As bundled payments – also known as episode payment models (EPMs) – continue to demonstrate success (Wang, Navathe, CMS, Horizon BCBS), insurers seek new ways to test their efficacy. In 2016, CMS introduced new models to expand upon the Bundled Payments for Care Improvement (BPCI) and Comprehensive Care for Joint Replacement (CJR) models. The new program would create new cardiac-focused EPMs, as well as broaden the scope of the current CJR model. Both models would be mandatory in nature, requiring hospital participation. However, support for mandatory model tests is mixed, at best. The new Secretary of HHS, Tom Price, has expressed concerns about episodic payments and, specifically, the mandatory component of recent CMS demonstrations. Just this week, CMS postponed the implementation of the new EPMs from July 1 to October 1, 2017, providing the new CMS leadership time to review the new models and seek comment about possibly delaying the start of the bundles until January 1, 2018. Given the apparent apprehension around mandatory models, CMS likely will focus their resources on voluntary episode payment models, such as the Bundled Payments for Care Improvement (BPCI) Initiative and the Oncology Care Model (OCM). Voluntary models, unlike their mandatory counterparts, allow providers to opt-in to participation. This way, providers can individually assess their readiness and willingness to accept financial risk, without being forced to participate before they are ready.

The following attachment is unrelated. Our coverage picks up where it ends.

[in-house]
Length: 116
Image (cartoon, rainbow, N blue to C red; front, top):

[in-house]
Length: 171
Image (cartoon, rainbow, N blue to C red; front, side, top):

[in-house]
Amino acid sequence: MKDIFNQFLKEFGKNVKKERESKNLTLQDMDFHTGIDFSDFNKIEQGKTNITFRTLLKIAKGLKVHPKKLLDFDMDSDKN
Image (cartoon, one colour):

A key consideration in whether a provider will participate in any bundles program is the provider’s ability to take on the financial risk involved. While most providers have years of experience with the traditional fee-for-service system, which pays doctors and hospitals based on the number of medical services delivered, the new value-based care models ask providers to take responsibility for patients for a longer period of time. This is where conveners can – and do – play a significant role. Under a convener agreement, providers partner with an organization to share providers’ downside risk and access essential working capital. Conveners also deliver clinical expertise, scaled technology and management services.
The importance of conveners within bundles is paramount. Not only do the majority – over 57% – of BPCI Model 2 participant hospitals partner with a convener, but those participants that do partner with conveners choose to participate in a broader range of clinical conditions than providers that carry the entire risk themselves. For example, in the first quarter of 2017, Model 2 participants who worked with a convener selected 6.8 conditions, while those without a convener selected only 4.7 (a 45% increase). This difference suggests that working with conveners hastens the adoption of episodic payment models. Given the success of bundled payments thus far, we expect that CMS will continue to grow these programs, which only further emphasizes the need and importance of conveners’ role within these models. In addition, with CMS’ goal of reaching 50% of payments through value-based programs by 2018, conveners will continue to serve as a great tool for increasing and improving participation in bundled payment models.